Saturday, May 18, 2024

WHO is considering adding anti-obesity drugs to the list of essential medicines


Dubai, United Arab Emirates (CNN) — Next month, WHO advisers will consider whether to add liraglutide, an active ingredient in some diabetes and obesity drugs, to the list of essential medicines.

WHO says the list, which is updated every two years, includes medicines that “meet the priority health needs of the population”.

The Expert Panel on Selection and Use of Essential Medicines is scheduled to meet April 24-28 to discuss reviews and updates on dozens of medicines.

The request to include GLP-1 agonists such as liraglutide came from four researchers at US institutions, including Yale University and Brigham and Women’s Hospital.

These drugs mimic the effects of the hormone GLP-1, which controls appetite and stimulates insulin secretion. It helps lower blood sugar and slows the passage of food through the intestines.

Liraglutide was developed to treat diabetes, but was approved in the US as a weight loss treatment in 2014.

Semaglutide has been approved as a treatment for diabetes since 2017 and for obesity in 2021.

The use of the latter is known through celebrity advertisements and social media.

It is sold under the names Ozempic for diabetes and Wegovy for weight loss.

Studies suggest that semaglutide may help people lose an average of 10% to 15% of their starting weight more than other drugs.

But due to high demand, some copies of the drug have been in short supply in the US since the middle of last year.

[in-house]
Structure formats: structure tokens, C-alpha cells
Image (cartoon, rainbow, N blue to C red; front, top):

The U.S. patent for liraglutide expires this year, and drugmaker Novo Nordisk says generic versions could be available in June 2024.

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The agency was not involved in submitting the application to the World Health Organization, but “we welcome the World Health Organization’s review and look forward to the report and outcome,” he explained in a statement.

“Currently, there are no drugs on the Essential Medicines List that target weight loss,” the researchers wrote in their request to the World Health Organization.

The researchers continued: “The list currently includes mineral supplements for nutritional deficiencies, however, they are recommended for people living in countries where overweight and obesity kill more people than underweight.”

WHO consultants will make recommendations on which drugs should be included in this year’s list, which is expected to be submitted in September.

Nadia Barnett
Nadia Barnett
"Award-winning beer geek. Extreme coffeeaholic. Introvert. Avid travel specialist. Hipster-friendly communicator."

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